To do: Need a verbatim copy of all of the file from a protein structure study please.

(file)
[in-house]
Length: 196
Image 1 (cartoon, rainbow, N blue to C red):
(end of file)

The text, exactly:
[in-house]
Length: 196
Image 1 (cartoon, rainbow, N blue to C red):